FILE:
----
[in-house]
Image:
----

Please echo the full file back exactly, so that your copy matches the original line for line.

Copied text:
[in-house]
Image: